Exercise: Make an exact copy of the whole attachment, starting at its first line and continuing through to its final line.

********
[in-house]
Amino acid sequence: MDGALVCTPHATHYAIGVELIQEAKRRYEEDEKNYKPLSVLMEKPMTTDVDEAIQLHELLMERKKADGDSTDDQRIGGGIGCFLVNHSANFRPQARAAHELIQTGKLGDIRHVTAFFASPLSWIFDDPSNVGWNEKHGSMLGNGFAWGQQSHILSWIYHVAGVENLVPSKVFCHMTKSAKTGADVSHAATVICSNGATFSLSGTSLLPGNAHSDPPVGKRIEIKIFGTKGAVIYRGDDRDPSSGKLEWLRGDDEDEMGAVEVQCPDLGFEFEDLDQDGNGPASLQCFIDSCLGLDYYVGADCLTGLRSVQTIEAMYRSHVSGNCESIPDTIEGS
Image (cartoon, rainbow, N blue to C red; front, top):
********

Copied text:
[in-house]
Amino acid sequence: MDGALVCTPHATHYAIGVELIQEAKRRYEEDEKNYKPLSVLMEKPMTTDVDEAIQLHELLMERKKADGDSTDDQRIGGGIGCFLVNHSANFRPQARAAHELIQTGKLGDIRHVTAFFASPLSWIFDDPSNVGWNEKHGSMLGNGFAWGQQSHILSWIYHVAGVENLVPSKVFCHMTKSAKTGADVSHAATVICSNGATFSLSGTSLLPGNAHSDPPVGKRIEIKIFGTKGAVIYRGDDRDPSSGKLEWLRGDDEDEMGAVEVQCPDLGFEFEDLDQDGNGPASLQCFIDSCLGLDYYVGADCLTGLRSVQTIEAMYRSHVSGNCESIPDTIEGS
Image (cartoon, rainbow, N blue to C red; front, top):